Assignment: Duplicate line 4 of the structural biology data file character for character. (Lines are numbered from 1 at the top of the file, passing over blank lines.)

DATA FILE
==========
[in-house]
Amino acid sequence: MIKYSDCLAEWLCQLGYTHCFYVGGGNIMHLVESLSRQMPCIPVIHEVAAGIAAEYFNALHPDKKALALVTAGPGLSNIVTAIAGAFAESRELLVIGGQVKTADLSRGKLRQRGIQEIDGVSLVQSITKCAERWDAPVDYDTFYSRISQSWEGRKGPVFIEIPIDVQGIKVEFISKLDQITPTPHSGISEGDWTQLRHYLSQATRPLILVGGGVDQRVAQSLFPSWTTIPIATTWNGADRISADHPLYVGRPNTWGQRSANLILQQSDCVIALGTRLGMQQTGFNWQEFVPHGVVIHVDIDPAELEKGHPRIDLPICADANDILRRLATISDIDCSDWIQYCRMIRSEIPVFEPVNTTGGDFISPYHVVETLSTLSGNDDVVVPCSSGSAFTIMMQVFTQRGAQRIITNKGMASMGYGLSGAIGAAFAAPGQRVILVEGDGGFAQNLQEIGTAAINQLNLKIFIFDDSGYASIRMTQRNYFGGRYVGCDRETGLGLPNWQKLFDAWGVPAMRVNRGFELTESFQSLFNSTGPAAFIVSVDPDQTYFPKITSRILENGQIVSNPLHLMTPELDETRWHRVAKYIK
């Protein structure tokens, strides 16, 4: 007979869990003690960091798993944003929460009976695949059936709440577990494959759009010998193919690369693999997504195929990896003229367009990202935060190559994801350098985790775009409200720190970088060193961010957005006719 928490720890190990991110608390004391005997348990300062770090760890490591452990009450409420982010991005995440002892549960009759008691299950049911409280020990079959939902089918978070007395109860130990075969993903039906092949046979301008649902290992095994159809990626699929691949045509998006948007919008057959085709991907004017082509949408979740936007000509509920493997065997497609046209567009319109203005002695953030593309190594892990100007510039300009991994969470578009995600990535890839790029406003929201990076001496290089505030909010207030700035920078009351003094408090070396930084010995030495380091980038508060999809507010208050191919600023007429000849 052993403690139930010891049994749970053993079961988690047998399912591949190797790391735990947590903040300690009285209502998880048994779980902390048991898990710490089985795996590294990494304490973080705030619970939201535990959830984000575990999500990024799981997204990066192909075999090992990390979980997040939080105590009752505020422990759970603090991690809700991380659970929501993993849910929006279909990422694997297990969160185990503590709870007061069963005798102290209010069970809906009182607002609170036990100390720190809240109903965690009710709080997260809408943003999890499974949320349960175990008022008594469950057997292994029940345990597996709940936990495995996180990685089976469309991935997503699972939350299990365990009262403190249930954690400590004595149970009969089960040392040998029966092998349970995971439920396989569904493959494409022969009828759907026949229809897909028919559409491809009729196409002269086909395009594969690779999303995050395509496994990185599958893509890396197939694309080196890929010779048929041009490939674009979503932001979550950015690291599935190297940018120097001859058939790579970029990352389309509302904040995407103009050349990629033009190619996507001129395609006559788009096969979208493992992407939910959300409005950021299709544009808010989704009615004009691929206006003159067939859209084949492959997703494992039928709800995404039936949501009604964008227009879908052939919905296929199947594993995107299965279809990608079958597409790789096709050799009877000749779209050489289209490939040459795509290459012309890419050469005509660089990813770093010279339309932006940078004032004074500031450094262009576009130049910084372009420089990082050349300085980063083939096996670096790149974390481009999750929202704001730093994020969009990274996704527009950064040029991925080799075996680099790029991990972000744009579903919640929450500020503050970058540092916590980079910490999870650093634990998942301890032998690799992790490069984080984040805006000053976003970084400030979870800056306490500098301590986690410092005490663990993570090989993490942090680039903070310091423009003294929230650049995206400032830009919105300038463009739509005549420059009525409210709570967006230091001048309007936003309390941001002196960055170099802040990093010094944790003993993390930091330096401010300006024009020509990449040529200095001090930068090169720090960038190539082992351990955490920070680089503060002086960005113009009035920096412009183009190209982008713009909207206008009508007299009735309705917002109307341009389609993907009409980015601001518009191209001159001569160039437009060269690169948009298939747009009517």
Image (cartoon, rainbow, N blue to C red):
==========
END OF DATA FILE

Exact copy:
Image (cartoon, rainbow, N blue to C red):